The question of “Can HMRC change tax law and apply it retrospectively?” is one we get alot And, if they can, then it is followed up with “but how is that fair?”. Our answer to the first question is yes they can, they have and we expect them to continue doing so for years to come. As regards the second question, yes, most experts (such as the respected ICAEW) have stated previously that to act in this way “contravenes accepted notions of fairness…imposing tax charges in cases where taxpayers already had legal certainty that none were due..”
So how did it get to this point? Contractors with long memories may recall Budget Note 66 (within Finance Act 2008) which “clarified” the perceived abuse of the Double Taxation Treaty (DTT) legislation. Not only did BN66 make clear how the DTT legislation was intended to operate, it also retrospectively mandated that understanding as if it had been known from the very beginning of the DTT. This created thousands of honest contractors with an instant tax liability – the impact of which is still being debated on contractor forums to this day. BN66 of course gave rise to the infamous Robert Huitson “against my human rights” case which after several twists and turns in court ultimately was decided in favour of HMRC. This pattern would be repeated several years later with the Glasgow Rangers/Murray Holdings case.
Perhaps most famously (in the world of retrospective legislation at least), 2014 saw the introduction of the controversial Accelerated Payment Notices (APNs). For reasons unknown, HMRC opted to hang APNs off the existing DOTAS regime, meaning if you had used a DOTAS scheme and were the subject of an existing tax enquiry, then there was no technical discussion about the scheme, you would simply receive an APN payable within 90 days or penalties would be applied. The kicker was that there was no right of appeal. DOTAS had been introduced back in 2005, so hooking APNs into this gave HMRC the ability to go back up to nine years prior to collect additional tax from contractors. During the public consultation for the APNs it was noted repeatedly this new charge inverted the “the rule of law” (i.e. people were guilty until proven innocent in court) and for which there was no tangible response from the Government. It passed through both the House of Commons and the House of Lords.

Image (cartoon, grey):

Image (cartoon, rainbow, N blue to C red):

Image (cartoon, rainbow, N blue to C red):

That brings us to the current day and another consultation for the proposed “2019 loan charge” which is expected to be enacted later this summer. Under the proposals, contractor loans made as far back as the last millennium (1999) could become taxable. By anyone’s standards, a 20 year retrospective reach is exceptionally penal – but how is that this “sticking-plaster-on-a-broken-leg” approach to legislation continue to pass through the so-called democratic controls? The answer is simple; HMRC’s stated objective is to “maximise revenue”. Note that it is not to make sure the right amount of tax is collected from individuals, but rather to collect as much as possible from as many as possible. It is against this awkward backdrop that many believe the Government and mainstream media collude so to seek to take the moral high ground and try to stigmatise all those who have paid the minimum amount of tax as required by law “avoided tax” to make them as socially unacceptable as benefit cheats or drink drivers. One example of how out of control the angry mob has become is when the terms for tax evaders seeking to settle with HMRC (remember tax evasion is illegal) was actually more favourable than the terms for tax avoiders, which is entirely legal.
So to summarise, these are highly worrying times where certainty is changed to uncertainty. It was commented at the time of the APN consultation that an authority legislating against a certain way of life because it did not approve of it was horribly reminiscent of the dark times of dictators in world history but was also a frightening prospect for the future as to which group might be targeted next.